Academic journal article Violence and Victims

Individual and Interpersonal Risk Factors for Physical Intimate Partner Violence Perpetration by Biological Sex and Ethnicity

Academic journal article Violence and Victims

Individual and Interpersonal Risk Factors for Physical Intimate Partner Violence Perpetration by Biological Sex and Ethnicity

Article excerpt

Intimate partner violence (IPV) is a public health problem that reaches across age, sex, and ethnicity. In this study, we examined risk factors for physical IPV perpetration among young adult males and females from four ethnic groups. Data were taken from Waves 1-3 of the National Longitudinal Study of Adolescent Health (Add Health). The sample included 10,141 Wave 3 respondents (ages ranged from 18-27 years old) who reported being in a current romantic relationship. Physical IPV perpetration was reported by 14.10% of White, 23.28% of Black, 18.82% of Latino, and 18.02% of Asian males. Physical IPV perpetration was reported by 19.01% of White, 24.80% of Black, 25.97% of Latina, and 19.21% of Asian females. Following an ecological framework, proximal risk factors at intrapersonal and interpersonal levels were included in the analyses. Despite finding fairly consistent percentage of physical IPV perpetration across sample groups, the risk factors for physical IPV perpetration were rather uncommon across sex and ethnicity. Only 1 factor-psychological IPV perpetration toward a romantic partner-was consistently associated with physical IPV perpetration across all groups. Our findings have implications for tailoring prevention and intervention efforts toward risk factors of physical IPV perpetration that are uniquely associated with biological sex and ethnicity.

Keywords: domestic violence; risk factors; physical violence; perpetration; gender; ethnicity

Intimate partner violence (IPV) is a public health problem that reaches across age, sex, and ethnicity. The rates of physical IPV perpetration among samples of adolescents and young adults range from 26% to 46% (see review in Hickman, Jay cox, & Aronoff, 2004). Rates of physical IPV vary, based on the gender and ethnicity of the perpetrator. In one study, White couples reported 3% for male-to-female (the male perpetrates and the female is victimized) physical IPV and 7% female-to-male (the female perpetrates and the male is victimized) physical IPV, Black couples reported 3% male-to-female physical IPV and 10% female-to-male physical IPV, and Hispanic couples reported 5% male- tofemale physical IPV and 9% female-to-male physical IPV (Caetano, Ramisetty-Mikler, & Field, 2005). West and Rose (2000) found that African American females, aged 16-24 years old, reported physical perpetration (e.g., hitting, pushing, slapping their partner) against dating partners more than males. Chang, Shen, and Takeuchi (2009) reported the first national estimates of IPV among Asian Americans and found approximately 15% of males and 19% of females reporting physical IPV perpetration.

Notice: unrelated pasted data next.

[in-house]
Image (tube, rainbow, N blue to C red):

Although IPV is prevalent across all populations, understanding why variations in IPV have been found among ethnic groups has proved to be difficult (Ellison, Trinitapoli, Anderson, & Johnson, 2007). Summaries of risk factors from general IPV perpetration studies have limited applicability when it comes to understanding IPV among specific populations, and researchers continue to struggle with identifying any consistent risk factors for IPV perpetration. Although some researchers have examined the relation between race/ethnicity and IPV, race/ethnicity is seldom the focus of the study (Capaldi, Knoble, Shortt, & Kim, 2012), and few researchers have focused on risk factors for a specific type of IPV perpetration across sex and ethnicity. It is important to develop models that are specific to race/ethnicity and the type of violence (Cummings, Gonzalez-Guarda, & Sandoval, 2013) to more effectively tailor intervention strategies aimed at reducing the occurrence of IPV among unique populations.

Given the need to better understand correlates of IPV, the purpose of our study was to explore risk factors for physical IPV perpetration among young adult males and females from different ethnic groups. We followed an ecological framework (see Dutton, 2006; Stith, Smith, Penn, Ward, & Tritt, 2004) and highlighted individual and interpersonal (i. …

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